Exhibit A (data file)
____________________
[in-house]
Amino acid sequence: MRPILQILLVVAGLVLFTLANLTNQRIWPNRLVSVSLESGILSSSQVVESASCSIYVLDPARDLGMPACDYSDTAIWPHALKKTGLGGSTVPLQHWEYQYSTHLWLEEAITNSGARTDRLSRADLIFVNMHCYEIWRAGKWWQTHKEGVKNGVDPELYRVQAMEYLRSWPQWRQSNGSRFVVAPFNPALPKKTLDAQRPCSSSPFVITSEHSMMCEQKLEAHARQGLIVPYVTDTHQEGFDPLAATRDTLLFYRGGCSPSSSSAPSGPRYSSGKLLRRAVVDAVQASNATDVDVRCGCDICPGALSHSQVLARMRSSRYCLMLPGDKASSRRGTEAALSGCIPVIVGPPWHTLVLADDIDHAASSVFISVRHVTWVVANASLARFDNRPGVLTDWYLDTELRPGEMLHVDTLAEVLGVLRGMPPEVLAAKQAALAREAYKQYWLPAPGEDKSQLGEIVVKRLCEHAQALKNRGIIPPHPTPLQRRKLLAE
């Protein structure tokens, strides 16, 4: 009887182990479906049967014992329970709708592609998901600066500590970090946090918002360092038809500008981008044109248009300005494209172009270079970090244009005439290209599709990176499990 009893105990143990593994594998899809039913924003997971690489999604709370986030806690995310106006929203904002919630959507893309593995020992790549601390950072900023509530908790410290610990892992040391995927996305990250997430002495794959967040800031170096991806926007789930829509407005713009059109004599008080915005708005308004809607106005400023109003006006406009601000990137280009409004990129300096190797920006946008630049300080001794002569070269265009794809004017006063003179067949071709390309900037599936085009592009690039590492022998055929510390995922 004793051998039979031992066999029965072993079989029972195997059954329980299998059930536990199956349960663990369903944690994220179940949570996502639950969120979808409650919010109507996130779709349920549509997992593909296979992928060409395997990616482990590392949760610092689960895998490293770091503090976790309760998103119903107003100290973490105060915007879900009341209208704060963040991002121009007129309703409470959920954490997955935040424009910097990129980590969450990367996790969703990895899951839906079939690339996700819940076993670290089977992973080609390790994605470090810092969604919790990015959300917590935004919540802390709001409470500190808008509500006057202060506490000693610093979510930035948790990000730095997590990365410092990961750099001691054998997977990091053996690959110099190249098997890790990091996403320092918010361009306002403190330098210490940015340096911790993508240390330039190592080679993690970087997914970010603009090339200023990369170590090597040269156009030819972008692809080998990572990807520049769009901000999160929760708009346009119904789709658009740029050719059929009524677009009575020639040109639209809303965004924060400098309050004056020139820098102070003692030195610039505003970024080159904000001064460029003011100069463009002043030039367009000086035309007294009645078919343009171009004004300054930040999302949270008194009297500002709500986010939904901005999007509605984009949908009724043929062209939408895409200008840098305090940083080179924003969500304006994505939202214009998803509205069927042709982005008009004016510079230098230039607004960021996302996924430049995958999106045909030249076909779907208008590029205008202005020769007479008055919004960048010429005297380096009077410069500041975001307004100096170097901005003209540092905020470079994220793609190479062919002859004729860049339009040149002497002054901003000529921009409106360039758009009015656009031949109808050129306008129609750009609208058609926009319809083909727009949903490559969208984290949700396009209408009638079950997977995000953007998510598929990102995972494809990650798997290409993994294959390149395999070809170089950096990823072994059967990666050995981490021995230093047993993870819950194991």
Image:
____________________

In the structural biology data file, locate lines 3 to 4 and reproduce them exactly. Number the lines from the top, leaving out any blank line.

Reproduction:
């Protein structure tokens, strides 16, 4: 009887182990479906049967014992329970709708592609998901600066500590970090946090918002360092038809500008981008044109248009300005494209172009270079970090244009005439290209599709990176499990 009893105990143990593994594998899809039913924003997971690489999604709370986030806690995310106006929203904002919630959507893309593995020992790549601390950072900023509530908790410290610990892992040391995927996305990250997430002495794959967040800031170096991806926007789930829509407005713009059109004599008080915005708005308004809607106005400023109003006006406009601000990137280009409004990129300096190797920006946008630049300080001794002569070269265009794809004017006063003179067949071709390309900037599936085009592009690039590492022998055929510390995922 004793051998039979031992066999029965072993079989029972195997059954329980299998059930536990199956349960663990369903944690994220179940949570996502639950969120979808409650919010109507996130779709349920549509997992593909296979992928060409395997990616482990590392949760610092689960895998490293770091503090976790309760998103119903107003100290973490105060915007879900009341209208704060963040991002121009007129309703409470959920954490997955935040424009910097990129980590969450990367996790969703990895899951839906079939690339996700819940076993670290089977992973080609390790994605470090810092969604919790990015959300917590935004919540802390709001409470500190808008509500006057202060506490000693610093979510930035948790990000730095997590990365410092990961750099001691054998997977990091053996690959110099190249098997890790990091996403320092918010361009306002403190330098210490940015340096911790993508240390330039190592080679993690970087997914970010603009090339200023990369170590090597040269156009030819972008692809080998990572990807520049769009901000999160929760708009346009119904789709658009740029050719059929009524677009009575020639040109639209809303965004924060400098309050004056020139820098102070003692030195610039505003970024080159904000001064460029003011100069463009002043030039367009000086035309007294009645078919343009171009004004300054930040999302949270008194009297500002709500986010939904901005999007509605984009949908009724043929062209939408895409200008840098305090940083080179924003969500304006994505939202214009998803509205069927042709982005008009004016510079230098230039607004960021996302996924430049995958999106045909030249076909779907208008590029205008202005020769007479008055919004960048010429005297380096009077410069500041975001307004100096170097901005003209540092905020470079994220793609190479062919002859004729860049339009040149002497002054901003000529921009409106360039758009009015656009031949109808050129306008129609750009609208058609926009319809083909727009949903490559969208984290949700396009209408009638079950997977995000953007998510598929990102995972494809990650798997290409993994294959390149395999070809170089950096990823072994059967990666050995981490021995230093047993993870819950194991």
Image: